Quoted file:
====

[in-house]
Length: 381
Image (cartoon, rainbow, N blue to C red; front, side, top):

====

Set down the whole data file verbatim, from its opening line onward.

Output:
[in-house]
Length: 381
Image (cartoon, rainbow, N blue to C red; front, side, top):